Nevertheless, Paul’s case is central to the novel’s development. He will learn that he is a very sick man. We already know, and will learn more, about his early life as an orphan, about his shifting residence from one family member to another, about his having been bullied at a provincial public school, and his underachieving years as an Oxford undergraduate, all contributing to his depressive state, as does his physical illness. We will also learn that he is a reader, when he is well enough to be; and that his preferences are for Stendhal, Dostoevsky and Proust, especially Proust. One wonders if these writers are not also the preferences of the novelist himself, and if he is not signaling to us his influences in composing a novel that while eminently contemporary in subject, tone and language, also pays homage to those 19th and early 20th century novelists of the grand subject—war, the conflict within the human soul, and life in society as it etiolated (Proust), told by a writer who had been an invalid himself.
Like the classics with which it has been compared, The Rack is one of those novels that continue to yield rewards upon each successive reading. Subtleties of characterization emerge, especially the dynamics among the doctors in charge of treatment, along with the politics of the sanatorium culture of Brisset, the Alpine mountain community where the sanatoria are located, and the conflicts among the patients themselves. At the vital center of the novel, whose narrative tensions can often feel excruciating, is the story of Paul and the woman he comes to love and will sadly lose, the young Belgian patient Michelle Duchene. Doomed by deteriorating health, their age differences, and Paul’s diminishing prospects, yet alive to each other in the ways only young people in love can be, their story, narrated in unsparing and utterly unsentimental detail, takes its place among the great love stories of contemporary literature.
Shortly after the publication of the first British edition, Atlantic Monthly Press issued an American edition, followed by a larger format Penguin Edition with a cover illustration from a 1926 painting by Ubaldo Oppi of three surgeons standing austerely in white coats. The illustration itself is reflective of the three often competing doctors, who attempt unsuccessfully to treat Paul’s condition.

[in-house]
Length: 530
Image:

The new Ashgrove/Zephyr edition restores 25,000 words from the original manuscript, cut by the book’s first editor, James Mitchie, who hoped to present a novel in the “existentialist” mode, in keeping with Continental fiction of the era. A decidedly existentialist cast to the novel remains, even as restored, reflecting the underlying hopelessness and despair in Europe after the war, growing anxiety about the emerging Cold War, and the very real fear of nuclear holocaust. Though these concerns may lie under the surface of the narrative they are often acted out by the characters. It is my belief that the restored edition presents the novel as Ellis/Lindsay originally wrote it and would have wanted it to appear, in the same way that the restorations to the texts of D. H. Lawrence’s major novels in the Cambridge University Press editions give Lawrence to us undiluted and in all his narrative and linguistic brilliance.
Alan Wall’s judicious restorations present us with a more ample narrative, a deeper sense of characterization, a comic spirit, often black but still bracing, and a more discerning sense of place; for place itself, not only in the confinement of the two sanatoria in which Paul becomes a patient, but also in the surrounding mountains, and the town of Brisset itself, is as much a character in the novel as are Paul and Michele, the other patients we come to know and care about, and the attending doctors, Vernet, Bruneau, Dubois and Roussel, whose bravado may often exceed what we view as their competence.
Then there is the disease itself, barely able to be confined if not cured, even as the new antibiotics, in the form of streptomycin, are beginning to be tried and tested, only to discover that the subjects of the trials are often resistant to them. Amply documented from the author’s own suffering are the horrors of the other modes of intervention, under oddly aseptic names like pneumothorax or plombage.
The new edition itself is in an attractive paperback format, designed by its publisher Brad Thompson, and illustrated with a front cover portrait that might well be Paul Davenant himself, hand on book, eyes on the surrounding mountains, the two poles of his life, inside and outside, confinement and freedom, the life of the mind and that of his gradually diminishing body constantly oscillating under his, and our, anxious gaze.
Derek Lindsay (1920-2000), did not publish another novel during his lifetime, though he is said to have been at work on a sequel to The Rack, and also to have written plays. While one might have wished for more from this clearly major novelist, it is enough for him to have written a single masterpiece.
(I wish to thank publisher Brad Thompson for providing me with a copy of the novel soon after publication and for his assistance in helping me to understand the extent, nature and importance of Alan Wall’s restorations to the original text)